4

I have a Debian 7 server and a usable IP address range from xx.xx.xx.90 to 93. While working on setting up the usable addresses via /etc/network/interfaces I have the following:

# This file describes the network interfaces available on your system
# and how to activate them. For more information, see interfaces(5).

# The loopback network interface
auto lo
iface lo inet loopback

# The primary network interface
allow-hotplug eth0
iface eth0 inet static
        address xx.xx.xx.90
        netmask 255.255.255.248
        network xx.xx.xx.88
        broadcast xx.xx.xx.95
        gateway xx.xx.xx.89
        # Example extra IP comment 
        up   ip addr add xx.xx.xx.91/24 dev eth0 label eth0:0
        down ip addr del xx.xx.xx.91/24 dev eth0 label eth0:0
        # dns-* options are implemented by the resolvconf package, if installed
        dns-nameservers xx.xx.xx.xx xx.xx.xx.xx
        dns-search host.xx.xx

where the 2 lines below the 'Example extra IP comment' corresponds to the new IP I want to add(will be similar for the rest of the range).

When saving the above and restarting networking via sudo ifdown eth0 && sudo ifup eth0 I get the following message:

ifdown: interface eth0 not configured
RTNETLINK answers: File exists
Failed to bring up eth0.

I don't understand why it reports that eth0 is not configured and why it is not brought up.

Any help would be greatly appreciated.

UPDATE I used sudo ifdown --force eth0 && sudo ifup --force eth0 instead as suggested in comments by Zoredache and problem is resolved.

2
  • 1
    If you make a change to your interfaces file, while the link is up, you often need to pass the --force option to ifup/ifdown because your interfaces file will have irrelevant settings.
    – Zoredache
    Sep 28 '13 at 0:23
  • Looks like you got it! Although I had used force in the past and was having the same problem, in this occasion it worked(when I tested it before I had a hostname problem so probably there was some complication, but forgot to test again after I fixed it). If you post this as an answer I'll accept it
    – gts
    Sep 28 '13 at 9:16
4

You were assigned a /29 netblock, not a /24. But you specified /24 in your up and down scripts. Try fixing that first.

Better yet, use the new way (well, new in the last several releases) of specifying your addresses.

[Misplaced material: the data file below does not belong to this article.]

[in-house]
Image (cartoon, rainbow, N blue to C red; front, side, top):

allow-hotplug eth0
iface eth0 inet static
        address xx.xx.xx.90
        netmask 255.255.255.248
        network xx.xx.xx.88
        broadcast xx.xx.xx.95
        gateway xx.xx.xx.89

iface eth0 inet static
        address xx.xx.xx.91
        netmask 255.255.255.248

iface eth0 inet static
        address xx.xx.xx.92
        netmask 255.255.255.248

iface eth0 inet static
        address xx.xx.xx.93
        netmask 255.255.255.248
1
  • Thanks, I did try both ways and the same problem persisted. As for /29 and /24 netblock, good point as well but did not help. Turns out that what was needed was --force in ifup and ifdown(answered in question comments)
    – gts
    Sep 28 '13 at 9:18
0

It looks like your formatting is a little off. Try something like this:

auto eth0
iface eth0 inet static
address x.x.x.90

auto eth0:1
iface eth0:1 inet static
address x.x.x.91
0

If you want NetworkManager to handle interfaces that are enabled in /etc/network/interfaces: Set managed=true in /etc/NetworkManager/NetworkManager.conf.

Restart NetworkManager:

# /etc/init.d/network-manager restart

Then reboot

# reboot

source : https://wiki.debian.org/NetworkManager

-1
addresses 10.0.0.1/8 192.168.10.4/24

Use addresses for a range.

4
  • I don't see any mention of this in Debian's documentation. Where did you find it? Sep 27 '13 at 22:52
  • In a Debian example
    – Jason
    Sep 28 '13 at 0:42
  • Again, where did you find this? Sep 28 '13 at 0:45
  • I'll have to find the link, but it was on this blog 1st on Google
    – Jason
    Sep 28 '13 at 14:28

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